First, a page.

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Page:Popular Science Monthly Volume 18.djvu/736

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enervation which compels frequent changes of the men in the gallery, sudoral or miliary eruptions, sometimes boils, rarely eczema, are among the phenomena which Dr. Fabre has most frequently observed in these conditions. If, while the gallery is constantly damp, the air is vitiated by poisonous or irrespirable gases, and if the water contains sulphates or sulphuric acid in solution, the men, in addition to pains in their limbs and difficulties in breathing, experience lively itchings and painful smarts wherever the surface of the skin has been abraded. Those who have labored for a long time in the damp galleries contract a chronic inflammation of the gums, together with muscular pains in the limbs, and have often intestinal troubles and spots of purpura. These phenomena indicate the coming on of a mild form of scurvy. The remedies are to be found in whatever will improve the sanitary conditions of the mines and the homes of the miners, and in the usual applications for scurvy whenever the symptoms of that disease appear.


Variability of the Level of the Ocean.—M. H. Trautschald, of Moscow, lately sent in a paper to the Geological Society of France, maintaining that the level of the ocean was not invariable, in which he expressed the following conclusions: 1. The level of the sea has fallen, as parts of the earth's crust have risen from the bottom above its surface; 2. The surface of nearly all the continents has once been at the bottom of the sea, and has risen from the waters, partly in consequence of upheavals, partly in consequence of the retreat of the ocean; 3. When the continents have been formed, a part of the waters of the seas is carried away from them, and held on the land as lakes, rivers, eternal snows, and as a constituent of organic matter—thus the quantity of water in the ocean has been constantly diminished, and its level has fallen; 4. As the earth cools, ice accumulates near the poles and on the mountains, water is soaked down more deeply into the crust of the earth, and mineral hydrates are formed everywhere. It follows that the level of the sea has been gradually falling ever since water has existed as a liquid upon the earth.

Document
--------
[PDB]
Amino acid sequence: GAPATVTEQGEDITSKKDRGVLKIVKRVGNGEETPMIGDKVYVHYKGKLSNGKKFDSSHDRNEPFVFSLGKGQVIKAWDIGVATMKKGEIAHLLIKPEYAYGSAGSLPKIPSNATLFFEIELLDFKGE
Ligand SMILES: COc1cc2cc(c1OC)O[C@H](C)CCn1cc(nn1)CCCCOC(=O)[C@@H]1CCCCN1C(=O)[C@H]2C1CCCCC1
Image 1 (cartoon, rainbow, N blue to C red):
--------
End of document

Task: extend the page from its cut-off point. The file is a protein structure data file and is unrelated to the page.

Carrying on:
Spiders and Tuning-Forks.—According to observations recorded by Mr. C. V. Boys, in "Nature," spiders are very sensibly affected by the vibrations of a tuning-fork, and act toward it as they would toward a fly that comes to their web. When a fork, lightly touching a leaf, or other support to the web, was sounded, the spider, if at the center of the web, would lace the fork and feel with its fore-feet to find along which radial thread the vibration was traveling. Having become satisfied on this point, it would run along the proper thread till it reached the fork, or, if it came to the junction of two threads, would first stop and determine which was the right one. If the spider was not at the center of the web, and was not on a thread in contact with the fork, it had, when it perceived a vibration, to go to the center to see which radial thread was vibrating. It would then run out to the fork. If the fork was not removed when the spider had reached it, it would seize it, embrace it, and run along on the legs of the fork as often as it was made to sound, "never seeming to learn by experience that other things may buzz besides its natural food." If, when a spider had been enticed to the edge of the web, the fork was withdrawn, and then gradually brought near, the spider seemed aware of its presence and direction, and would reach out after it; but, if a sounding-fork was gradually brought near a spider that had not been disturbed, the spider would instantly drop; then, as soon as the fork was made to touch any part of the web, it would climb back and reach the fork with marvelous rapidity. By means of a tuning-fork a spider could be made to eat what it would otherwise avoid—even a fly dipped in paraffine—if its attention was kept fixed by the constant vibration of the fork.


Deterioration of Binding in Libraries.—Mr. H. A. Homes, in the "Library Journal," notices some causes additional to those arising from the use of gaslights, which may conduce to the deterioration of bindings in libraries. The modern methods of tanning do not give as durable a leather as the old processes, which it took months or years to complete. This may be the